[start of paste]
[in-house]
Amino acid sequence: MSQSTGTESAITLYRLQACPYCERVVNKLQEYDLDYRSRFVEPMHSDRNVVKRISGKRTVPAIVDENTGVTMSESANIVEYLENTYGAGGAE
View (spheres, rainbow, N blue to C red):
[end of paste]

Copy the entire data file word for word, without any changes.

[in-house]
Amino acid sequence: MSQSTGTESAITLYRLQACPYCERVVNKLQEYDLDYRSRFVEPMHSDRNVVKRISGKRTVPAIVDENTGVTMSESANIVEYLENTYGAGGAE
View (spheres, rainbow, N blue to C red):